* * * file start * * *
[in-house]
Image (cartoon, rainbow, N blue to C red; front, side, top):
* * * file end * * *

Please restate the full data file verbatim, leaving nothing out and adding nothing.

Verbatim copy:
[in-house]
Image (cartoon, rainbow, N blue to C red; front, side, top):